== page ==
At some point, the punches lose some of their sting, the hands some of their speed. Guile eventually has to replace brute force, savvy displaces the athleticism of youth. Realizing this is half the battle—the other half is accepting and implementing the changes successfully.
And it would appear that Manny Pacquiao has done just that.
While it's hard to see Pacquiao elongating his career well into his 40s a la Bernard Hopkins—Pac-Man has too many other interests and responsibilities for that—he proved once and for all against Timothy Bradley that he has reinvented himself as a boxer, and it's a look that suits him well.
Nigel Collins of ESPN has more on the transformation:
All of the ancillary activities are rooted in Pacquiao's boxing success, and now he is attempting the most difficult challenge of his fighting career: a metamorphosis from whirlwind knockout artist to savvy boxer. It's a transformation only the very best can accomplish, but when they are successful, it can extend their careers and keep them winning well past the point where sticking with their original style would have sent them prematurely shuffling off to Palookaville.
When he could no longer float like a butterfly, Muhammad Ali came up with the rope-a-dope and other stalling tactics to preserve his energy. Bernard Hopkins understood that he was getting too old to punch it out with the best young studs in the middleweight and light heavyweight divisions and figured out a way to win by taking away what his opponents did best. Marco Antonio Barrera held off Father Time for a handful of lucrative years by ditching his macho style and using his neglected boxing skills. It's simply a matter of adaptation or extinction, and Pacquiao shows every indication he's striving for the former.
There will always be disappointments in regard to the latter part of Pac-Man's career. The knockout against Juan Manuel Marquez and the loss to Timothy Bradley—albeit a controversial, perhaps unjustified loss—will always be a dark period. The failure to negotiate a fight with Floyd Mayweather, denying the sport what would have been its biggest fight arguably in decades, will remain a stain on his legacy (and Mayweather's, too).
But Pacquiao seems determined to not only leave the sport on his terms eventually but to also do so when he's still one of the top boxers around, even if he long ago stopped being one of the most fearsome brawlers in the sport.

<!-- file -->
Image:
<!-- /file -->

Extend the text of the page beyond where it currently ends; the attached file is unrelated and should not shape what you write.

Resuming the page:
Not to say that Pacquiao was ever a blind puncher—his ability to come at opponents from odd angles and the speed of his hands were always trademarks. It's just that they were the prologue before he sent an opponent to the mat or sucked the will straight out of him with his powerful blows.
Now, he has to beat an opponent with his mind before he can beat him with his fists. It was a lesson he had to learn the hard way against Marquez. Against Bradley, it was obvious Pac-Man had taken his lessons seriously.
But any talk that he had lost his edge, that his killer instinct had disappeared? Hogwash. Pacquiao hadn't lost his killer instinct. He simply had to refine it. The younger boxer could chase the knockout. The older boxer had to remain cagier, strip his opponent of any hope of victory rather than send him to the mat.
After the fight, Pacquiao told Bob Velin of USA Today he still had his edge: "I think the killer instinct and aggressiveness was very good. At least I proved to myself that my time is not done yet. Many people were saying it's over, he's too busy in congress, and doesn't have time for boxing. But I still proved it's not over and (the fight) was the evidence."
Indeed, he did prove it. Pacquiao has spent his entire life overcoming obstacles. Against Bradley, he proved he could overcome the aging process by reinventing himself in the ring.
As we enter the final chapter of Pac-Man's legendary career, it appears his story will end with grace and guile rather than a stubborn insistence to replicate the approach of his youth. And, more importantly, it appears his career will end with him on his feet and not on his back.